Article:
Species Authenticity and Detection of Economic Adulteration of Atlantic Blue Crab Meat Using VIS/NIR Spectroscopy
The application of Visible and Near-Infrared (VIS/NIR) spectroscopy to determine economic adulteration of crabmeat was determined. Crabmeat samples were adulterated in 10% increments according to weight. The adulterants chosen were surimi-based imitation crabmeat, due to its low cost and availability, and blue swimmer crabmeat, the most prevalent type of crabmeat imported into the United States. Several data pre-treatments and different chemometric analyses, Partial Least Squares (PLS), Principal Component Regression (PCR), and Multiple Linear Regression (MLR), were investigated to determine the predictive ability of VIS/NIR spectroscopy in detecting economic adulteration and species authenticity. In addition, wavelength variables selected by a genetic algorithm were evaluated to improve predictive ability of economic adulteration of crabmeat. Absorption spectra of adulterated samples were dominated by water overtones. Absorption decreased for increasing level of adulteration. PLS was favored over PCR due to its predictive ability and lower number of latent variables used in model development. The first derivative data pre-treatment generated the best results, though similar results were gathered with the untreated data. First derivative data, using data from a correlogram, generated the best PLS model to detect economic adulteration of crabmeat adulterated with surimi-based imitation crabmeat. Economic adulteration percentage was predicted within 2.5%. The second derivative data generated the highest errors and, thus, was not deemed an appropriate pre-treatment method.For samples adulterated with blue swimmer, the first derivative data also generated the best results utilizing the full spectrum with a Standard Error of Calibration (SEC) and Standard Error of Prediction (SEP) of 5.64. Using a partitioned spectrum, however, the second derivative data performed better (SEC and SEP of 4.91 and 5.17, respectively). Regardless of the data pre-treatment, VIS/NIR spectroscopy was able to detect species authenticity and economic adulteration to less than 6% for samples adulterated with blue swimmer crabmeat. Variable selection via genetic algorithm enabled MLR to detect economic adulteration, making this the best overall method due to its low SEC and SEP (4.21 and 3.98, respectively). All of these findings provide a baseline for the design and development of a fast, reliable, and accurate technology for on-line detection of economic adulteration of crabmeat.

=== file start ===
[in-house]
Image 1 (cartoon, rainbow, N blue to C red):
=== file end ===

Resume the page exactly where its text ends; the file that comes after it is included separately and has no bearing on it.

|Year of publication:||
|Other Persons:||S. M. Blanchard (contributor) ; S. A. Hale (contributor)|
|Subject:||genetic algorithms | chemometrics | species authenticity | VIS/NIR spectroscopy | economic adulteration|
|Type of publication:||Other|
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